Virus Outbreak Alabama Students Return

Patrons stand on the Bear Trap's rooftop bar on The Strip, the University of Alabama's bar scene, Saturday, Aug. 15, 2020, in Tuscaloosa, Ala. More than 20,000 students returned to campus for the first time since spring break, with numerous school and city codes in effect to limit the spread of COVID-19. (AP Photo/Vasha Hunt)

TUSCALOOSA, Ala. — The president of the University of Alabama said Sunday there us an "unacceptable rise" in COVID-19 cases on campus that could derail plans to continue in-person classes.

President Stuart Bell, in a sternly written message to students, said they all must work together to limit the spread of the virus.

"Despite the robust testing, training, health and safety measures we carefully and clearly implemented, there is an unacceptable rise in positive COVID cases on our campus," Bell wrote.

"Make no mistake, this trend is a real threat to our ability to complete the semester on campus. The solution is proven: testing, mask wearing, social distancing, personal hygiene and compliance with crowd size limits are all that are asked as we work together to complete the semester together," Bell wrote.

Bell wrote that violations of health and safety protocols, both on and off campus, are subject to harsh disciplinary action, up to and including suspension from the university.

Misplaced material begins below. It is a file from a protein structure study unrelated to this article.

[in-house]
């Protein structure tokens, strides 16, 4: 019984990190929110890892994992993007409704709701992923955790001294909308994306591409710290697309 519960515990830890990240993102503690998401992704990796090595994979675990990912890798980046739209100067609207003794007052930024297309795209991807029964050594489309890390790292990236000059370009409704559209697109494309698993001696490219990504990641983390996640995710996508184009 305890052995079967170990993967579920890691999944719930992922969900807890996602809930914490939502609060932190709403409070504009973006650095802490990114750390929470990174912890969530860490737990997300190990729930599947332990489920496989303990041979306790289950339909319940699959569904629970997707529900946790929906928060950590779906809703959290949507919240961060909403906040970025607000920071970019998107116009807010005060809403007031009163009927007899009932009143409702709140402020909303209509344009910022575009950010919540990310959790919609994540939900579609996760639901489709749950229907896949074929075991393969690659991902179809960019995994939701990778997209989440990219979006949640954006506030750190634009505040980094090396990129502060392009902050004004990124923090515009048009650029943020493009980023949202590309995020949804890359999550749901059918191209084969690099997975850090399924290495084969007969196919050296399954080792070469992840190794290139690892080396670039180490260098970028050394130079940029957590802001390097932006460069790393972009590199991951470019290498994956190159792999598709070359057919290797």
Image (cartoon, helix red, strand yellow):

While the daily average of new COVID-19 cases has been trending downward statewide, school officials have expressed concern about images of large crowds waiting outside off-campus bars.

Bell's letter to students came two days after the university issued a moratorium on student gatherings and limited access to dormitories and fraternity and sorority houses.

The university on Friday announced a 14-day moratorium on all in-person student events outside of classroom instruction. Social gatherings are prohibited both on and off campus and the common areas of dormitories and fraternity and sorority houses are closed, according to the new guidelines. Visitors are not being allowed in dormitories and sorority and fraternity houses.

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